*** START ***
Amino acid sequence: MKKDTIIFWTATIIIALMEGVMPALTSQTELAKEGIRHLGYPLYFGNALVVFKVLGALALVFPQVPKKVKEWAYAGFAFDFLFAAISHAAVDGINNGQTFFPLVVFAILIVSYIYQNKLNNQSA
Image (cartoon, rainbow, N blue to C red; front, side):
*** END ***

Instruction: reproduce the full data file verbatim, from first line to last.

Amino acid sequence: MKKDTIIFWTATIIIALMEGVMPALTSQTELAKEGIRHLGYPLYFGNALVVFKVLGALALVFPQVPKKVKEWAYAGFAFDFLFAAISHAAVDGINNGQTFFPLVVFAILIVSYIYQNKLNNQSA
Image (cartoon, rainbow, N blue to C red; front, side):